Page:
If you’re looking for a simple kids’ science experiment with a BIG wow factor, you’ve come to the right spot!  This science experiment uses just a couple of ingredients, takes just moments to complete and has a super exciting finish.

Make some magic inflating conversation hearts just in time for Valentine’s Day and then hop over to snag more science experiments kids will love!

Getting Ready

To prep this magic kids’ science experiment, I grabbed my supplies:

  • An empty bottle
  • 4 Alka Seltzer tablets for each round
  • 1/2 cup water for each round
  • A couple balloons
  • A Sharpie

Big Brother helped me break two of the Alka Seltzer tablets into small pieces and dropped them into the bottom of the bottle.

Valentine's Day science for kids.

Then, we brainstormed a couple of our favorite conversation heart messages and I used the Sharpie to draw them on the balloons.

Fun Valentine's Day science for kids.

TIP: After a little experimenting, I realized that the conversation heart was more crisp and clear if I first blew it up with air, temporarily pinched it closed with my fingers and then drew the picture.

When I tried drawing the conversation heart while it was flat and empty, the image stretched too much when the balloon inflated.

The Science Experiment

After making a prediction about what was going to happen, Big Brother carefully poured the water into the bottle.

Then, I speedily stretched the mouth of the balloon with my fingers and stretched it over the rim of the bottle.

We eagerly watched the kids’ science experiment happen!  Or was it magic!?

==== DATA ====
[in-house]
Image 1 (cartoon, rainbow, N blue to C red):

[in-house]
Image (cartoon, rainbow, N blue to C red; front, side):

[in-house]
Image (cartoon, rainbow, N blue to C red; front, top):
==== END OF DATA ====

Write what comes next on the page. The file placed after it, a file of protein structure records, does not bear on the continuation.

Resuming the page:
Super simple and fun science experiment for kids. Magic Inflating Conversation Hearts!

We repeated the science experiment over and over again until our pack of Alka Seltzer tablets was empty.

The Science Behind It

Similar to the reaction that occurs when you mix baking soda and vinegar, when you pour water on Alka Seltzer tablets, carbon dioxide gas bubbles begin forming.

These gas bubbles rise up in the bottle, filling the balloon with carbon dioxide gas.

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  2. This was an amazing experiment! I did it with a small group of children for 4-H. Thank you

    We even tried it with sparkling water and baking soda, and another time with vinegar and baking soda. Your experiment here worked better and faster.

    1. Hooray Valerie! I am so glad that you found an experiment that worked!
      Stay STEM-inspired!

  3. I’ve done this with vinegar & baking soda, putting the baking soda in the balloon & then twisting it so I could put it on the bottle.

    I bet you could put the broken pieces of Alka Selzer in the ballon, twist it, attach it to the bottle, & then untwist to let the pieces drop.

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